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Should You Leave Your Trampoline Up During the Winter?

by
author image Erica Roth
Erica Roth has been a writer since 2007. She is a member of the Society of Professional Journalists and was a college reference librarian for eight years. Roth earned a Bachelor of Arts in French literature from Brandeis University and Master of Library Science from Simmons College Graduate School of Library and Information Science. Her articles appear on various websites.
Should You Leave Your Trampoline Up During the Winter?
Trampolines can be left up during the winter with some preparation. Photo Credit alexemanuel/iStock/Getty Images

Backyard trampolines can entertain even the most high-energy children for hours. The fast-paced jumping and acrobatics involved are fun for adults, too, and also offer a good aerobic workout. The question of whether you should leave your trampoline standing during the winter depends largely on personal preference and available storage space. If you leave your trampoline up, you'll need to prepare the structure for the cold and wet of the season.

Disassembly

Many trampolines are designed with durable, rust-proof materials, which means they don't have to be taken down during the winter. However, if you have the storage space, you can disassemble your trampoline and place it in a dry place. Remove the safety netting, springs, jumping mat and soft frame pads. Leave the poles that hold the netting into place, and the metal frame to which the springs and mat attach, standing in the yard.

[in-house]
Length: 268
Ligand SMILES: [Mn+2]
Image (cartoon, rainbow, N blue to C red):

Winterization

Winterization keeps your trampoline clean and safe if you opt to leave it up over the winter. Remove frame pads and store them indoors to keep them from getting soaked from rain or snow. The jumping surface acts as a sieve and will allow water through the bottom. However, heavy snows can build up on the mat, over-stretching the springs. Clear snow off the trampoline with a shovel or broom after each storm. Trampoline covers are not recommended, according to Super Fun Trampolines. Instead of protecting the surface, a cover locks in moisture that can cause sagging and mildew.

Wind

Trampolines can be a safety hazard in windy areas if they are not anchored down. Specialized anchor kits that include stakes that attach to the frame can help secure the trampoline to the ground. Another option is to dig trenches in the ground before the initial placement of the trampoline. Place the legs of the structure into the trenches and surround the holes with packed dirt or mulch until the frame is firmly secured in the ground, making sure the trampoline is level.

Safety

Practice trampoline safety at all times. Dry wet surfaces and allow them to dry completely before allowing friends and family members to jump. Limit jumping to one person on the mat at a time to reduce the risk of injury. Have an adult supervise children during use. The American Academy of Orthopaedic Surgeons does not recommend trampolining for children younger than 6 years old.

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